Posted on 17 December 2010
The Turkish Central Bank has again cut its rates as inflation continues to slow in the rapidly growing economy.
The bank said in an emailed statement that it was reducing its one week repo lending rate by 0.5 percentage points, bringing it to a record low.
Recently the banks Deputy Governor Erdem Basci, who is widely expected to succeed current governor Durmus Yilmaz, published a paper on the banks website arguing that lowering rates and increasing reserve requirements imposed on banks was the best way to curtail the widening current account deficit in Turkey as the economy expands rapidly.
The changes are designed to bolster financial stability in the face of a “widening current-account gap and growing credit expansion,” said the emailed statement on the decision to reduce rates.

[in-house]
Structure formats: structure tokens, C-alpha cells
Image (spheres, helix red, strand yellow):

“It’s clear that price stability is no longer the bank’s chief concern, it’s now interested in wider financial stability,” Inan Demir, chief economist at Finansbank AS in Istanbul, said in a telephone interview. “With inflation likely to decline in the months ahead, we could expect further cuts.”
The central bank’s statement provided no guidance for the future of rates. The bank has decided that a “low policy rate, a wider rates corridor and higher required reserve requirements are a suitable policy mix,” it said.